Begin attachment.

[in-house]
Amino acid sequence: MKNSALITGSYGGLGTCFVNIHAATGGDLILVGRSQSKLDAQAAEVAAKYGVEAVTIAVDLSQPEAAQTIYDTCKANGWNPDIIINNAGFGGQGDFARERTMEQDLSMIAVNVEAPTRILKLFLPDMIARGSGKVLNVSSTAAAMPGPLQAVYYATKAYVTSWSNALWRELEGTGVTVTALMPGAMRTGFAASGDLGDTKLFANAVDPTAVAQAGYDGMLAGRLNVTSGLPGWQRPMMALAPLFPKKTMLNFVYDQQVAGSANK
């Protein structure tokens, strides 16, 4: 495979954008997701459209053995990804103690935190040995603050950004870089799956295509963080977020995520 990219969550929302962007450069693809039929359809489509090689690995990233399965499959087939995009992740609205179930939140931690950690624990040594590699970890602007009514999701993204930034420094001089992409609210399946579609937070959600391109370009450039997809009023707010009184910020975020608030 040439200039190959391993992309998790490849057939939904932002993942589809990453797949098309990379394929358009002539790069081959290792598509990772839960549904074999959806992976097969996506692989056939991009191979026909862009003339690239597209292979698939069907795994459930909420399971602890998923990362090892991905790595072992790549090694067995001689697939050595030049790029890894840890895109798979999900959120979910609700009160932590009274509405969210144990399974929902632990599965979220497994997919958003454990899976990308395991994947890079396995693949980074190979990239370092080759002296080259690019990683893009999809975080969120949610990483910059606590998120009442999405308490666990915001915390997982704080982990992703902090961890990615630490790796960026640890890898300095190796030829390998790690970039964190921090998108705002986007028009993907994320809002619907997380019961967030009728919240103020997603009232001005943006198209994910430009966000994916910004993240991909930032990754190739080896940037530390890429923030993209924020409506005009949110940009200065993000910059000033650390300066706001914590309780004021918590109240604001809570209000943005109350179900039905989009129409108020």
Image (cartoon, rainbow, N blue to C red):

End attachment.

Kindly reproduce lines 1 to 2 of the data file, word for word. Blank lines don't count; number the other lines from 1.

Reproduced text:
[in-house]
Amino acid sequence: MKNSALITGSYGGLGTCFVNIHAATGGDLILVGRSQSKLDAQAAEVAAKYGVEAVTIAVDLSQPEAAQTIYDTCKANGWNPDIIINNAGFGGQGDFARERTMEQDLSMIAVNVEAPTRILKLFLPDMIARGSGKVLNVSSTAAAMPGPLQAVYYATKAYVTSWSNALWRELEGTGVTVTALMPGAMRTGFAASGDLGDTKLFANAVDPTAVAQAGYDGMLAGRLNVTSGLPGWQRPMMALAPLFPKKTMLNFVYDQQVAGSANK